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Schweich's death stunned many of Missouri's top elected officials, who described him as a "brilliant" and "devoted" public servant with an "unblemished record" in office. Just 13 minutes before police got an emergency call from his home, Schweich had a phone conversation with The Associated Press about his plans to go public that afternoon with allegations that the head of the Missouri Republican Party had made anti-Semitic comments about him.
Schweich had Jewish ancestry but attended an Episcopal church. Spokesman Spence Jackson said his boss had recently appeared upset about the comments people were supposedly making about his religious faith and about a recent radio ad describing Schweich as "a weak candidate for governor" who "could be easily confused for the deputy sheriff of Mayberry" and could "be manipulated."
Schweich was 54. He had been in office since January 2011 and had easily won election in November to a second, four-year term. He announced a month ago that he was seeking the Republican nomination for governor in 2016, and was gearing up for an expected primary fight against Catherine Hanaway, a former U.S. attorney and Missouri House speaker.
Naturally high-strung, Schweich seemed unusually agitated — his voice sometimes quivering and his legs and hands shaking — when he told an AP reporter on Monday that he wanted to hold a press conference to allege that Missouri Republican Party Chairman John Hancock had made anti-Semitic remarks about him.
President George W. Bush appointed Schweich to the State Department in 2005 as an international law enforcement official. Two years later, Bush picked Schweich to coordinate the anti-drug and justice reform efforts in Afghanistan.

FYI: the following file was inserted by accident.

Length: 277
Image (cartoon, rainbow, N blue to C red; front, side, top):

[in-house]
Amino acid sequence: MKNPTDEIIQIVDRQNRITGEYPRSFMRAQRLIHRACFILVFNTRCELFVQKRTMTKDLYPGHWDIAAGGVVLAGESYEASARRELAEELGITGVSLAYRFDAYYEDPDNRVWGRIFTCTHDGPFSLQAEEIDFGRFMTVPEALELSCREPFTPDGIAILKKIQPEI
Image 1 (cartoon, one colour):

In conversations with the AP, Schweich said he had heard that Hancock had been making phone calls last fall in which he mentioned in an off-handed way that Schweich was Jewish. Schweich said he felt the comments were anti-Semitic and wanted Hancock to resign the party chairmanship to which he had been elected last Saturday.
Hancock told the AP on Thursday that Schweich had talked to him about the alleged comments last November, but not since then. Hancock, who is a political consultant, said he held meetings last fall with prospective donors for a project to register Catholic voters. Hancock said that if he had mentioned that Schweich was Jewish, it would have been in the context that Hanaway was Catholic but that was no indication of how Catholics were likely to vote.
"I don't have a specific recollection of having said that, but it's plausible that I would have told somebody that Tom was Jewish because I thought he was, but I wouldn't have said it in a derogatory or demeaning fashion," Hancock said.
originally posted by: olaru12
a reply to: FireflyStars
I found it odd as well. A bit early for speculation but.....hummmm?
He said his audits exposed more than 30 "corrupt government officials" who allegedly stole taxpayer money. But his promised gubernatorial campaign against corruption had barely begun.
Announcing his candidacy last month, Schweich had vowed to bring a never-before-seen "level of intensity, tenacity, transparency, and rigor" in a quest to root out "rampant corruption in Jefferson City."
As evidence of his grit, Schweich touted his work in the U.S. State Department coordinating an anti-drug initiative in Afghanistan.
"Negotiating with Afghan warlords prepared me well for Missouri politics," he said.